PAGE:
How to check user creation date on Linux

Do you know, how to check user account created date on Linux system? If Yes, what are the ways to do.

Are you getting succeed on this? If yes, how to do?

Basically Linux operating system doesn’t track this information so, what are the alternate ways to get this information.

You may ask why we need to check this?

Yes, in some cases you may want to check this information, at that time this will very helpful for you.

This can be verified using below 7 methods.

  • Using /var/log/secure file
  • Using aureport utility
  • Using .bash_logout file
  • Using chage Command
  • Using useradd Command
  • Using passwd Command
  • Using last Command

Method-1: Using /var/log/secure file

It stores all security related messages including authentication failures and authorization privileges. It also tracks sudo logins, SSH logins and other errors logged by system security services daemon.

# grep prakash /var/log/secure
Apr 12 04:07:18 useradd[21263]: new group: name=prakash, GID=501
Apr 12 04:07:18 useradd[21263]: new user: name=prakash, UID=501, GID=501, home=/home/prakash, shell=/bin/bash
Apr 12 04:07:34 passwd: pam_unix(passwd:chauthtok): password changed for prakash
Apr 12 04:08:32 sshd[21269]: Accepted password for prakash from port 60554 ssh2
Apr 12 04:08:32 sshd[21269]: pam_unix(sshd:session): session opened for user prakash by (uid=0)

Method-2: Using aureport utility

The aureport utility allows you to generate summary and columnar reports on the events recorded in Audit log files. By default, all audit.log files in the /var/log/audit/ directory are queried to create the report.

# aureport --auth | grep prakash
46. 04/12/2018 04:08:32 prakash ssh /usr/sbin/sshd yes 288
47. 04/12/2018 04:08:32 prakash ssh /usr/sbin/sshd yes 291

Method-3: Using .bash_logout file

The .bash_logout file in your home directory have a special meaning to bash, it provides a way to execute commands when the user logs out of the system.

We can check for the Change date of the .bash_logout file in the user’s home directory. This file is created upon user’s first logout.

# stat /home/prakash/.bash_logout
  File: `/home/prakash/.bash_logout'
  Size: 18              Blocks: 8          IO Block: 4096   regular file
Device: 801h/2049d      Inode: 256153      Links: 1
Access: (0644/-rw-r--r--)  Uid: (  501/ prakash)   Gid: (  501/ prakash)
Access: 2017-03-22 20:15:00.000000000 -0400
Modify: 2017-03-22 20:15:00.000000000 -0400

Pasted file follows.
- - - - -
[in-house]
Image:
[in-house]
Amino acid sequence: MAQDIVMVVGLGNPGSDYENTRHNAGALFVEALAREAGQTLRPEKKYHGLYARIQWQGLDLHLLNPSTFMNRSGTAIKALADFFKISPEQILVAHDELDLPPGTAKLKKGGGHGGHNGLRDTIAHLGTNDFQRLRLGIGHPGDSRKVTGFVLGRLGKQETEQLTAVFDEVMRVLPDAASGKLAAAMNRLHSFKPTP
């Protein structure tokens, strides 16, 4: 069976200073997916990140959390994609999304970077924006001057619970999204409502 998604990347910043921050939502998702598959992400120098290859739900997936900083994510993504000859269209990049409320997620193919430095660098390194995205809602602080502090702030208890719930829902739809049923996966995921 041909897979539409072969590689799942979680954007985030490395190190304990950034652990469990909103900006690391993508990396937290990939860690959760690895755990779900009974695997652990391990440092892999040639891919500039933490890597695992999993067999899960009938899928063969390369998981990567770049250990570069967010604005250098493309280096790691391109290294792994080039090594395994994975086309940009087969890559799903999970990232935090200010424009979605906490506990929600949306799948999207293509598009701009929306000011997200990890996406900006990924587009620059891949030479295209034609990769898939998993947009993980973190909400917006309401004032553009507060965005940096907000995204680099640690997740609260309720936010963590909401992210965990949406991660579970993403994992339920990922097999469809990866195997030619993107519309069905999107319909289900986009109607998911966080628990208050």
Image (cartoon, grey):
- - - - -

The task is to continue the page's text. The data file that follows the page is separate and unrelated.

Change: 2018-04-12 04:07:18.283000323 -0400

Method-4: Using chage Command

chage stand for change age. This command allows user to mange password expiry information. The chage command changes the number of days between password changes and the date of the last password change.

This information is used by the system to determine when a user must change his/her password. This will work if the user does not change the password since the account creation date.

# chage --list prakash
Last password change                                    : Apr 12, 2018
Password expires                                        : never
Password inactive                                       : never
Account expires                                         : never
Minimum number of days between password change          : 0
Maximum number of days between password change          : 99999
Number of days of warning before password expires       : 7

Method-5: Using useradd Command

useradd command is used to create new accounts in Linux. By default, it wont add user creation date and we have to add date using “Comment” option.

# useradd -m prakash -c `date +%Y/%m/%d`

# grep prakash /etc/passwd

Method-6: Using useradd Command

passwd command used assign password to local accounts or users. If the user has not changed his password since the account’s creation date, then you can use the passwd command to find out the date of the last password reset.

# passwd -S prakash
prakash PS 2018-04-11 0 99999 7 -1 (Password set, MD5 crypt.)

Method-7: Using last Command

last command reads the file /var/log/wtmp and displays a list of all users logged in (and out) since that file was created.

# last | grep "prakash"
prakash  pts/2    Thu Apr 12 04:08   still logged in

About Prakash Subramanian

Prakash Subramanian is a Linux lover and has 3.5+ years of experience in linux server administration with major Linux distribution such as (RHEL, CentOS, Ubuntu). He is currently working as a Senior L2 Linux Server administrator.

View all posts by Prakash Subramanian

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